If IBM was focusing on music notation, Bell Laboratories, under the leadership of Max Mathews, was at the other extreme, developing a representation language for audio synthesis in its full generality. These languages were called the "Music" languages, the most developed being "Music V." This was a highly modular language, impeded primarily by the batch-processing system that supported it. I have no idea if Robert Moog was aware of Mathews' activities; but there is a lot of "family resemblance" between the modular elements of Music V and the component modules of the first publicly available Moog synthesizers. The problem here, however, was that all of the representation effort went into describing the computational synthesis for "instruments." The representation of what those "instruments" would then "play" was almost left as an after-thought; and, since Music V did not run in a real-time environment, the need to "play" the instruments (rather than "conceive of a score" for them) was not an issue. Indeed, the computer environment was so "user-hostile" that, for most "real" musicians, getting any sort of interesting sounds out of the system for a respectable duration of time was enough of an accomplishment that the results, whatever they may have been, where immediately dubbed a "composition!"

I took a crack at a representation that had more to do with music performance under the guidance of Marvin Minsky. The result was EUTERPE; and, if I had been more enterprising (or greedy), I probably could have tried to promote it as prior art for MIDI. I was primarily interested in the idea that the voices of a contrapuntal structure were like a bunch of computer programs running in parallel. So I asked what would be the right language for those individual voices, bearing in mind that the programs would sometimes have to coordinate with (i.e. cue) each other. Also, because I was getting much of my guidance from Ezra Sims, who was extremely interested in microtonality, I endowed EUTERPE with an octave that was divided into 72 equal parts, thus enabling Sims to experiment with both quarter and third tones. MIDI never considered that as an option; and these days, as we become more interested in alternatives to equal-tempered tuning, that is probably its greatest disadvantage.

Meanwhile Robert Cogan was experimenting with an entirely different approach to representation. In his book New Images of Musical Sound Cogan developed analyses based on images of the actual vibrations responsible for the sounds, thus taking the most direct path possible to address "music as heard." When he was working on this book, his apparatus was highly limited. These days we can do this sort of thing with just about any personal computer; and, when I was in Singapore, I even advised a Master's student on a project involved using such data to compare performances of the Stravinsky "Serenade" for solo piano, one of the performances being Stravinsky's own. The most interesting thing about Cogan's book is that it is not limited to the usual "classical" compositions addressed by analysis; and, indeed, one of his analyses is of a Billie Holliday recording of "Strange Fruit." However, if the acoustic strategy of Music V was flawed by being based on abstractions that might not be particularly useful, Cogan's approach did not involve any abstractions. At the end of the day, he seemed to be using the visual displays simply to back up what his ear was telling him, which is not a bad idea but still needs to be done is some sort of consistent way.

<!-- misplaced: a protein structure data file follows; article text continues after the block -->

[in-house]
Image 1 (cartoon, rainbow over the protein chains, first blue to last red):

This problem of abstraction, however, is basically the problem that faces all of the attempts I have outlined. However, one cannot define criteria for the "right" abstraction without first identifying the sorts of questions one hopes the abstraction will answer. (Minsky made this point in his "Matter, Mind, and Models" essay.) The sad truth is that the questions one asks in music theory are more normative (the sorts of questions folks have asked for the last two hundred years) than epistemological or even ontological. This is why I explored the possibility that performances, rather than notes or, for that matter, audio traces of recordings, could best be examined through the three lenses of logic, grammar, and rhetoric. Each of these is a distinct category that introduces its own family of questions, and each of those families needs to be addressed through a distinct set of theoretical strategies and methods.

This, of course, is my own concept of "rehearsal" at its most extreme. I could probably "wing" a few representative questions for those categories; but it would be better to be honest and admit that I have not through that far yet! Nevertheless, today's recital reminded me of just how important listening is and how little we actually know about the process as it applies to music. Clifton's approach to "music as heard" was grounded in phenomenology but still suffered from the problem of not beginning with an examination of what questions he actually wanted to answer. Of course, it probably makes sense to address the question of who is doing the asking. The questions a performer needs to ask are unlikely to be the ones that an audience listener would raise, no matter how well informed. The only educated guess I would hazard, though, is that the sort of questions raised by an academic trying to get a paper published are likely to align with either of these other two classes of questions!